Sunday, March 16, 2014

Grace in the Midst of Reproach

Luke 1 Read it yourself

Zechariah and Elizabeth were both righteous and walked blamelessly in all the commandments and statues of the Lord, (verse 6).

They lived Godly lives, following the intent of God's law, yet for years, for most of their lives they could not have a child. Having children was a sign of God's blessing in their culture. Children were considered a reward for good and faithful service. In Psalm 127:3 it read that children are a heritage and a gift from the Lord. Yet for years they were shut out from this blessing and gift. People then, like people now, most likely looked on this lack of children and inferred that the opposite of the statement in Psalms is also true, i.e. no children means no reward, which means that Zechariah and Elizabeth must have done something wrong. They must have a 'secret' sin that is keeping God's blessing from them. People are often ungracious to each other. That social reproach weighed heavy on both Zechariah and Elizabeth.

Imagine the emotional pain of Elizabeth, speculate on the gossip and whispers behind her back that occurred. When she turned to face the whisperers picture the pasted on smile on their faces as their thoughts continue to judge her. "Oh hi, how are you?" carrying out the vowels sounds to make the greeting sound more sincere than it is. Elizabeth can see the reproach in their eyes even though their words and smiles say something else. Elizabeth half-believed them, she was of the same culture and probably wondered what she had done to deserve this. Yet she remained faithful and upright in the face of disgrace. When she conceives she alludes to this disgrace in verse 25 "when he looked on me to take way my reproach among people."

Zechariah is diligent and faithful yet while others in his social circle are having children and raising families he is soul-searching and left out of the experience. There is a social pressure that occurs in human relationships. When all of your friends begin to get married and have children, there is an emotional desire to be part of that experience. Singles tend to hang-out with singles, young-marrieds with young-marrieds. When children begin to come, those without are often left off the invitations to children's birthday parties. Unless they are family they are typically not invited. Perhaps out of awkwardness or perhaps out of scorn, regardless of the reason, Zechariah and Elizabeth's barrenness led to isolation and distance from others socially.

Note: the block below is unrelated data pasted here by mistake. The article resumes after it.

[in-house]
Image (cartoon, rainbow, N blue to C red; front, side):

He doesn't stand out from the rest, he is in there doing what everyone else is doing and suddenly he is given the once-in-a-lifetime opportunity to enter the temple and burn incense. Consider the thoughts of Zechariah when he is visited by an angel. It must have been shocking and unbelievable to him. Imagine entering a dimly lit room that is 'off-limits' to everyone except yourself. You are supposed to be alone when suddenly you find you are not alone. Being righteous and godly, Zechariah would have approached his duty being mindful of the responsibility and honor that has been placed upon him. He was fully focused on the specific tasks that he was to perform and the order in which he was to perform them. Perhaps he could still hear the voices outside of the people praying, a background level of sound that was a muffled murmuring within the room. As he is standing there he suddenly becomes aware of the presence of another. His heart leapt to his throat and his legs suddenly felt weak. He trembled within and perhaps tottered on the brink of collapse.

The presence said, "Do not be afraid..." it's a bit late for that. Why does God always do that? He engineers circumstances in which you are suddenly engulfed in fear and then says, "Do not be afraid..." If God had given some sort of warning or notification that he was sending an angel, perhaps Zechariah wouldn't be so filled with fear. But God doesn't do that, my guess is that the notification is so extraordinary that we will naturally be afraid. The angel is a messenger, bringing a notification from God about what is going to happen. This is an early warning, it is God's way and he doesn't do it to frighten but because of his grace and love for us. The fear of Zechariah is the result of the fall. It is no different than the fear that fell on Adam and Eve when they heard the sound of God walking in the garden in Genesis 3:8. Fear is a sign of our fallen condition and we cannot rid ourselves from it. The supernatural, by definition, doesn't happen everyday, and we naturally fear that which we don't understand or cannot explain.

God was gracious to this couple in their old age, blessing them, and in so doing, honoring them among those who had previously despised and reproached them. Your focus must remain firmly focused on God and his words. To seek the blessing and praise of fallen people is idolatry. You must live in the grace of God's gaze knowing that not even a sparrow falls to the ground without your Father knowing it, (Matt 10:29). Secondly, be aware that your judgments of other people are based on your fallen sense of righteousness. You can't see their heart, nor do you know the workings of God's grace in their life.

Be gracious and tenderhearted to one another, forgiving one another, as God in Christ forgave you. Ephesians 4:32 (ESV)

All biblical quotations in this post are from
English Standard Version (ESV) The Holy Bible, English Standard Version Copyright © 2001 by Crossway Bibles, a division of Good News Publishers.

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